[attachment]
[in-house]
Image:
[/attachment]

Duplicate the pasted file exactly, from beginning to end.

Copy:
[in-house]
Image: